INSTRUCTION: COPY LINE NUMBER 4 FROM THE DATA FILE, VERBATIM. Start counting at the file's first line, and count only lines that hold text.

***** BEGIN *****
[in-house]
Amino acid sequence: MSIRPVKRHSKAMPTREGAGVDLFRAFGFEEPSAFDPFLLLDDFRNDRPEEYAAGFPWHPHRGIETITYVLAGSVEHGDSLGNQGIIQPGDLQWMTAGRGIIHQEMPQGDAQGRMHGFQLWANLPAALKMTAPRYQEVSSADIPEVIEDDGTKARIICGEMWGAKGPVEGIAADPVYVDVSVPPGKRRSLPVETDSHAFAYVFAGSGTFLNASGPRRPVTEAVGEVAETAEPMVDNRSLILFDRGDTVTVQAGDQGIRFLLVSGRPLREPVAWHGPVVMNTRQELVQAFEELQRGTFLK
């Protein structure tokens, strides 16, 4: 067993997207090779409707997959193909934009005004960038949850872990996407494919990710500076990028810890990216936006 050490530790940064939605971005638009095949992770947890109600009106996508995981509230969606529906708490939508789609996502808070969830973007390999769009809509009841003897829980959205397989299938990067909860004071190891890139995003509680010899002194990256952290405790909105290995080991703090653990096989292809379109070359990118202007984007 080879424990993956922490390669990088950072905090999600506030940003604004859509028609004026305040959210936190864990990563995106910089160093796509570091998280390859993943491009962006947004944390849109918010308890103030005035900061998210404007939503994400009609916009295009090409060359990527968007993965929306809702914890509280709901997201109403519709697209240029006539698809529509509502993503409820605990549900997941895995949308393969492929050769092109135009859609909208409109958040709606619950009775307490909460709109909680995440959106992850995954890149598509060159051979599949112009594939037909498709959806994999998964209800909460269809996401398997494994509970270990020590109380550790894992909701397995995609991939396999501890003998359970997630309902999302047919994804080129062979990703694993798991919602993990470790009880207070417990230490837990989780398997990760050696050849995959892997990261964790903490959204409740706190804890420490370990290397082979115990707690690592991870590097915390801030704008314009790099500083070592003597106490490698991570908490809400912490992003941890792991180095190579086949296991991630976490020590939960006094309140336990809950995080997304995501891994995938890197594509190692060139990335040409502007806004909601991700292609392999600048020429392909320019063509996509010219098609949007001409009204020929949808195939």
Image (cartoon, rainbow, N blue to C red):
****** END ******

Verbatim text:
Image (cartoon, rainbow, N blue to C red):